Crisis: A four-sided game review

Crisis* is a worker placement, engine building and resource management euro game. It has great artwork which does a good job of bringing this dark, dystopian sci-fi world to life.

The box says 1-5 players, but it is certainly at its best with four (more on this later). With four, you can expect a game to last a couple of hours.

Age is listed at 14+, but I’ve seen similarly weighted euro games listed as 12+ or even 10+. You’ll know your own kids, but this game is no more complex than the likes of Tzolk’in or Terra Mystica – in fact a little less so.

That said, it takes up a good amount of table space – especially at higher player counts. But part of this is thanks to the fantastic quality of the components: oversized cards, custom resources and the like abound. In the box you’ll find 165 wooden tokens, 128 cards, 137 cardboard tiles, a double-sided board and a cloth bag. Art is lovely throughout and the graphic design works well, although some criticise the overly dark and graphically busy game board (the less pretty mono side is easier to play on).

Teaching

While there’s a lot in the box, and a few clever mechanisms, at its heart Crisis is a relatively simply engine-building worker placement game.

The board has 14 clearly marked areas to place your workers, each of which is carried out in order once everyone has finished placement (think Caylus). This gives you a simple way to walk through how the game plays, as it will be the same process in each of the game’s seven (potential) rounds.

In the main, earlier worker spaces give you money, resources, employees and companies; while the latter ones let you exchange/sell those money and resources, as well as operating your companies with your employees (you don’t choose a manager to do this action, it just happens; but it’s handy to have it as a set place on the board). Workers you place on the game board are called ‘managers’, differentiating them from employees.

The real driving force of the game are the companies. Resources go in one end and better ones, or money/victory points, come out of the other. The more, and better, your employees the more efficiently this process will run – and the better you can make your companies work together, the richer you’ll become.

But it’s not quite that simple. Like all good sci-fi, Crisis is based on real events – this one being the financial crisis that so devastatingly hit Greece. Many of the issues therein were blamed on greed, especially around a lack of ‘desire’ of companies to pay their taxes – and its that which Crisis successfully emulates.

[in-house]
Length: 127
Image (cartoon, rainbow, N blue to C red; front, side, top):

Getting money is pretty easy – and money buys you companies, resources and foreign employees. But you get the big money by ignoring victory points: sell abroad for cash, or support your country by taking a split of points and cash. Especially early on the money is so tempting. You can just get points later, right?

Not necessarily. Every turn, players are tasked with getting a certain amount of victory points (you can set the difficulty level). If overall you fail to, the economy will start to tank – and if things get too bad, the game ends prematurely. If it does, any loans you had and cash in hand are worthless; while if you all survive the full seven turns you’ll get victory points for remaining money – but you’ll also have to pay off any loans you’ve taken. And a player can only win the game (no matter what turn it ends on) if they were ahead of the required victory point target.

Players should find everything runs really smoothly, while the time-consuming engine-running can be done simultaneously to avoid downtime. Everything is face-up and in view except for some very simple hand cards, so it’s also easy to help talk through any issues that may crop up.

The four sides

These are me, plus three fictitious players drawn from observing my friends and their respective quirks and play styles.

  • The writer: In theory, Crisis seems to offer you the delicious conundrum of greed versus good – but in reality, it doesn’t play out that way. To win by taking early debt you’re relying on two things: the other players playing ball and keeping the economy afloat, and your cash-grabbing giving you a palpable advantage long term. Unfortunately, in the early game, this is unlikely to make a big difference – the big points come later and your greed won’t guarantee you the platform you need. However, it’s still a really fun engine-building economic game.
  • The thinker: I’m really torn on this one. The worker placement and engine building elements are smooth and well realised, but a little simplistic and random. The economic sides are more interesting, but the selling of goods can also falter on unlucky random draws; while the semi-cooperative element of keeping the economy afloat rarely adds tension – after the first couple of turns, it either floats like a duck or sinks like a truck. Despite the fun to be had, after multiple plays there doesn’t seem enough strategic variety to keep me coming back – it’s more of a tactician’s game.